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Backpack Full of Cash
Federation has hosted the first Australian public screening of Backpack Full of Cash, a documentary that explores the American education reform movement and its impact on public education.
Directed and co-produced by former teacher Sarah Mondale, and co-produced and edited by Vera Aronow, the film shows the stark reality of America’s charter school movement — which provides public funding for independently operated schools, including for-profit schools — as well as voucher systems that allow parents to use public funding for private and religious education.
The documentary, screened on 2 November, explored the nature of charter school operation and marketing, how many of them engaged in dishonest practices such as taking in students with additional needs in order to secure funding and then exclude or expel students after funding had been secured.
Similar practices occurred in states and jurisdictions that connected school funding to performance in standardised tests, focusing recruitment and enrolment campaigns on students from middle-class backgrounds who were more likely to achieve higher test scores, and leaving disadvantaged students to attend decreasing numbers of public schools.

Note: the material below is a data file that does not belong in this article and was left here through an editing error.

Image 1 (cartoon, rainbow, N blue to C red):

Inevitably, such strategies also result in high levels of racial segregation between schools and systems, as educational attainment is strongly correlated with socio-economic advantage, which is divided along racial lines in many communities.
One section of the film that prompted particularly strong reactions from the audience on the night detailed the existence of publicly funded religious schools that are allowed to teach their own curriculum, and so teach creationism in place of science education.
In an interview, the principal of one such school also spoke of the school’s policy of corporal punishment saying that they regularly “bop” the kids. The principal defended this practice saying “the bible says it won’t kill a kid, if you do it right”.
The operation of “cyber charter” schools was also explored, depicting children sitting alone in their bedrooms, engaging in lessons on a computer through voice chat with a teacher who was talking them through power point presentations as their lesson.
In one moment, a student is sitting at their computer while their teacher’s infant child can be heard crying while the teacher tries to deliver a lesson, and the teacher apologies for the noise and interruption.
Mondale and Aronow attended the event to kick off a week-long tour of east coast AEU branches. After the Sydney screening they were joined by Education International project director and former Federation senior vice president Angelo Gavrielatos for a panel discussion about the ongoing global efforts against privatised and corporatised education.
Federation is working with the filmmakers to secure distribution rights for screenings to be held around NSW.
— Cameron Malcher, Editor
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